World Cancer Day
CDC is working to make sure everyone in the United States can get the cancer care they need.
Health equity in cancer is when everyone has an equal opportunity to prevent cancer, find it early, and get proper treatment and follow-up to live life to the fullest. CDC works to eliminate cancer health disparities to improve the health of all Americans.
People can lower their risk of getting many common kinds of cancer by making healthy choices. Screening tests can find some cancers early, when treatment works best.
Unfortunately, many Americans can’t make healthy choices because of factors like where they live, their physical or mental abilities, or their income. As a result, they have more health problems than others.
Many people don’t get screened because they have a low income, don’t have health insurance, or have trouble going to a doctor. If they do get screened and cancer is found, they may delay starting treatment or take less medicine than prescribed for the same reasons.
These issues cost lives—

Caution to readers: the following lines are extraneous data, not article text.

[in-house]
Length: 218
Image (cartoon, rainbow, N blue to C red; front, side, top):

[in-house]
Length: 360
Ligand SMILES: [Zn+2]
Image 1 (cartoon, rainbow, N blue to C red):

- Black men have the highest rates of getting and dying from cancer in the United States.
- Hispanic and Black women are more likely to get and die from cervical cancer than White women.
- American Indian and Alaska Native people have much higher rates of getting lung, colorectal, liver, stomach, and kidney cancers compared to non-Hispanic White people.
- Hepatitis B disproportionately affects Asian people and is the leading cause of liver cancer in this group. Asian and Pacific Islander people have a high rate of getting liver cancer.
- People with disabilities have lower cancer screening rates than people without disabilities, making it more likely that their cancer will be found later, when it is harder to treat.
“Native Americans often have trouble getting high-quality cancer care,” says CDC’s Dr. Sherri Stewart, a Pamunkey Indian. “Support from family, friends, and community members can help direct Native Americans with cancer to medical systems. Our family experienced the power of support first-hand when Pop got lung cancer.”
We Can Close the Care Gap
CDC’s Division of Cancer Prevention and Control (DCPC) strives for a world where all people are free of cancer. DCPC is working to advance equity through research, programs, and partnerships. DCPC educates people about cancer prevention and risk so they know how to take steps to lower their risk. DCPC also works to increase screening among groups of people who are more likely to get or die from cancer.
You can help create a future without cancer.
Talk to your doctor about cancer screening tests. If you don’t have a regular doctor, contact your health insurance company, health department, or CDC’s National Breast and Cervical Cancer Early Detection Program.